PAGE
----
It was never the real truth. Instead, it was an agreed-upon truth for many in South Boston: Whitey Bulger protected the neighborhood. Whitey Bulger was the good guy. Whitey Bulger was Robin Hood.
The story of reputed mob boss James J. “Whitey” Bulger was always shrouded in a mythology that sounded good on the street corners: the local guy who defended the walls of the famously insular neighborhood.
“I always thought he was for the poor, that he was a good guy,” Mary McClellan, 54, said recently as she sat on a bench at Castle Island. “But that was a long time ago. People have come to know that he was a bad guy. The secret is out.”
As the jury prepares to deliver a verdict in Bulger’s racketeering trial, it’s difficult to find anyone in South Boston who still buys into the romantic idea that Bulger, who is accused of 19 murders and a host of other crimes, was a Southie version of a dark knight defending the community.
“The idea that he was a good guy was so ridiculous,” said Stephen Holmes, 60, as he waited in line for a double cheeseburger at Sullivan’s. “I’m disgusted with him. When I was getting out of my car, I was thinking about how he walked these paths.
‘He doesn’t deserve the attention. He’s a horrible human being. ’ — Phyllis Stavris, who sat with her husband, Norman, at Castle Island on Tuesday. The couple are both South Boston natives.
“When I drive by Tenean Beach, I think of bodies,” he said of the site in Dorchester where authorities excavated the remains of one of Bulger’s alleged victims. “That Robin Hood image is a long time ago. I hope nobody still buys into that myth in any way. It was hard to believe that lie even at the time.”
In Bulger’s heyday,which ran from the 1970s through the early 1990s, many in the community bought into the narrative that Bulger was misunderstood by the outside world, that his actions were driven by a desire to “protect” the neighborhood by controlling it. In the aftermath of court-ordered busing in 1974, South Boston was a community deeply caught up in an “us against them” mentality that made such mythology easier to digest.
Even as court documents and investigative journalists began to pick apart that tale, painting Bulger as a ruthless psychopath, some clung to the idea of him as a protector.
Yet many who lived through the Bulger years in South Boston said they always found it hard to invest in the idea that his criminal actions somehow helped the community. Rather than say such things publicly and risk reprisals, many said they simply steered clear of the crime boss.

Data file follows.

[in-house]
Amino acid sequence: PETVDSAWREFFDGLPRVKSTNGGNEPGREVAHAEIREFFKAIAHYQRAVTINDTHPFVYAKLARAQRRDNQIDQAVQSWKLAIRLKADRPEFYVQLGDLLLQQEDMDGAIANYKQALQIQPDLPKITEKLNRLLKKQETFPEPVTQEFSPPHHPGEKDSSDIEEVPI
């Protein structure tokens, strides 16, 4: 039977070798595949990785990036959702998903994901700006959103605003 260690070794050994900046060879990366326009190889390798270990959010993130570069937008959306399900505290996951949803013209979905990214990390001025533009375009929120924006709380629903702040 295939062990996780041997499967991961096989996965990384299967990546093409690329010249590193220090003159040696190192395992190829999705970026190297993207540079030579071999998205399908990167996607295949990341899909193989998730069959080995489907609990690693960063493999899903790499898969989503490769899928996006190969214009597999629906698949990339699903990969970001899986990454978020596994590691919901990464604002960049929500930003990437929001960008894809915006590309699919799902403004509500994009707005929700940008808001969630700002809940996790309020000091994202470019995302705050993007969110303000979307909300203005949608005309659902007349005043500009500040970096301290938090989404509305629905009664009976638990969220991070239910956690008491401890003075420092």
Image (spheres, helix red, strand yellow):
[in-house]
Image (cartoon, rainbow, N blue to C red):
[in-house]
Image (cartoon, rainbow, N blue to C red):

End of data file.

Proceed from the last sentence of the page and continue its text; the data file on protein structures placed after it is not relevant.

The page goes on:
“I never bought into it,” said Phyllis Stavris, 84, who was at Castle Island with her husband, Norman, 89. Both were born in the neighborhood, and their daughter went to high school with Kevin Weeks, one of Bulger’s henchman. “He doesn’t deserve the attention. He’s a horrible human being,” she said.
But even today, there are many people who refused to give their name when speaking about Bulger. Nearly two decades after he fled the neighborhood to escape law enforcement, talking about Whitey, at least on the record, still makes many nervous.
“They were nasty, nasty people,” said a man at Castle Island who would only say that he was 71 and from South Boston. “I can remember in the ’70s and ’80s when I’d hear people say he was keeping the drugs out of Southie,” he said, before contorting his face into an expression of doubt. “Any illegal activity, he’s getting a piece of it. He’s no Robin Hood. I have no idea where that came from.”
What has changed since Bulger was in power is the makeup of the community. Young newcomers have flocked to the neighborhood, three-deckers have been converted to condos, and the old Southie of pubs and sub shops is slowly being replaced by boutiques and bistros. South Boston has become just another place where the young go to be young before they move elsewhere to raise families of their own.
And it is the transience of that population, more so than the iron fist of Bulger, that has weakened the community’s own natural protections, according to many longtime residents.
“Everyone used to know everyone,” Patrick O’Leary, 61, said as he stood on a stoop on Old Harbor Street. “There were eyes watching everywhere. Whitey didn’t protect the neighborhood. The neighborhood was protected by the community.”